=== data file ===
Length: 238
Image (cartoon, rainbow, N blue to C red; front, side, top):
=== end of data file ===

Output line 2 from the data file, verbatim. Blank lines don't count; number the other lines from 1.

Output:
Image (cartoon, rainbow, N blue to C red; front, side, top):